Raboin then pivoted to the future: “Do you have openings the next few years?”
Largen: “Yeah. Get us on the schedule!”
Fairbanks has a population of 32,000 — “big enough where you don’t know everybody,” Greenfield said, “but small enough where you run into people at the store” — and Largen knows that feeling well.
“Everyone thinks that they’re a part of it. Everyone wants to give you their two cents on the power play,” the coach said.
Nanooks players have long been well-connected with the local youth programs, carrying role model status around town. As for alumni like Jordan Hendry, who won a Stanley Cup in 2010 with the Chicago Blackhawks and settled in Fairbanks, or Colton Parayko, who’s playing for the St. Louis Blues, they are next-level celebrities.
Six Canadian provinces and four U.S. states are represented on the current Nanooks roster, as are natives of Finland, Hungary, Latvia, Russia and Sweden. Seeing the world is part of the sales pitch to potential opponents, too, as well as to prospective conferences.
Alaska played before the pandemic in the Western Collegiate Hockey Association, which disbanded when seven schools — all in Michigan, Minnesota or Ohio — formed a new version of the Central Collegiate Hockey Association. The CCHA commissioner is Don Lucia, who launched a 31-year career as a head coach in Fairbanks in 1987 and now spends summers in Soldotna, Alaska.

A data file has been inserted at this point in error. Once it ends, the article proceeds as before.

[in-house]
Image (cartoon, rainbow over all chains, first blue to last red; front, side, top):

The only other independents this season are Arizona State and Long Island. Augustana will open a $40 million arena in Sioux Falls, South Dakota, and enter Division I for 2023-24. Robert Morris in Pittsburgh will join them, having reinstated its program. That will give the sport 63 teams, an all-time high, offering a few more options for opponents for the Nanooks.
“They’ve been smart about building their schedule. What becomes important is coaches that are in conferences be willing to make a trip to Alaska every so often,” Lucia said. “I know it’s not an easy trip, but at the same time how many kids have a chance to go to Alaska? By going up there once every four years, I don’t think that’s too much to ask as we continue to want to grow our game.”